BEEF industry leaders are confident the vast majority of producers have on-farm biosecurity plans well under way and will be positioned to continue trading as per normal as new guidelines come in.
(min cost $8)
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Central Tablelands Local Land Services is holding a Bovine Johne’s Disease & J-BAS Information session on Wednesday, June 28 at the Cowra Ag station.
Local Land Services urges people who intend on taking part to RSVP by contacting 6333 2300 or email firstname.lastname@example.org.
The session is one of many better late than never – workshops arranged to get cattle producers over the line with Johne’s biosecurity plans before June 30.
BEEF industry leaders are confident the vast majority of producers have on-farm biosecurity plans well underway and will be positioned to continue trading as per normal as new guidelines come in.
Confusion has been widespread over requirements due to come into effect on July 1 under the shift to property-level management of Bovine Johne’s Disease (BJD), agreed to after widespread consultation in 2015/16 and overseen by producer group Cattle Council of Australia (CCA).
That confusion was exacerbated when it was announced last week that the same biosecurity plan would be required to gain or renew Livestock Production Assurance (LPA) accreditation from October 1.
Fears were rife that saleyard cattle buyers, particularly processors, would not be willing to bid on cattle from properties that did not have in place the plan, and thus had fallen to the lowest Johne’s assurance score of zero.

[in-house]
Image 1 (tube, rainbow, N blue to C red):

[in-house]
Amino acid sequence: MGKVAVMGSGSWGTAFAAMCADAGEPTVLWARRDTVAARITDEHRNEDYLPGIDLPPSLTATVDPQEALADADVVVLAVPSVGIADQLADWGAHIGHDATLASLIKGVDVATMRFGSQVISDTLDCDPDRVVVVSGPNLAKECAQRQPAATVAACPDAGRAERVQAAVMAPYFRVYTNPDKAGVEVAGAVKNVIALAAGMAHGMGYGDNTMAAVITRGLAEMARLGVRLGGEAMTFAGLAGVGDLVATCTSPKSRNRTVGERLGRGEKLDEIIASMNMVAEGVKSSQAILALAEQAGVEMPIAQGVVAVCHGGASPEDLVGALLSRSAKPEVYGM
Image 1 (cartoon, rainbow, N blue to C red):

To alleviate that, CCA last week announced a ‘breathing space’ whereby herds will revert to a Johne’s Beef Assurance Score (J-BAS) 6 rather than 0 if no on-farm biosecurity plan is in place by July 1.
The October 1 deadline for LPA accreditation, or reaccreditation, requiring on-farm biosecurity planning remains in place and the hope is all producers will have the necessary paperwork in place by then.
Most producers will be looking to establish a J-BAS 6 but those doing business with Western Australia, and likely most seedstock producers, will be aiming for a 7 or 8, which requires a veterinarian to sign off on their plan and testing of their herd for evidence of BJD.
Until last week’s LPA announcement, the only act in town regarding biosecurity plans was the move to a new national approach for managing Johne’s disease in beef cattle.
The changes are designed to do away with quarantining zones, which have proven costly to producers over the years, and shift the responsibility for managing pests and diseases to an individual farm level.
The key to the transition has been the implementation of on-farm biosecurity plans and J-BAS scores are the tool for identifying risk.
Producers seek more information need to attend.
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